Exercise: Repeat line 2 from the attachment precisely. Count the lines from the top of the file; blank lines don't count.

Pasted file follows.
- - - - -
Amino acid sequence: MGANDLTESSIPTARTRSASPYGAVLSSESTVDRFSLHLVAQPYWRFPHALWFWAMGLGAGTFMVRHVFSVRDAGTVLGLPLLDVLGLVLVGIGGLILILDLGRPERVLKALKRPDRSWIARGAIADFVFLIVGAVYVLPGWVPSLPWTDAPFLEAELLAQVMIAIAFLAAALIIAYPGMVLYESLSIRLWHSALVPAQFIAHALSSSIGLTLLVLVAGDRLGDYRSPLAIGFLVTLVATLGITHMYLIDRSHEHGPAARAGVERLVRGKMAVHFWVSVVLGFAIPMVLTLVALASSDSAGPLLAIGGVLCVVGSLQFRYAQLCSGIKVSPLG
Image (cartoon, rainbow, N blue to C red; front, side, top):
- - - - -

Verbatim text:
Image (cartoon, rainbow, N blue to C red; front, side, top):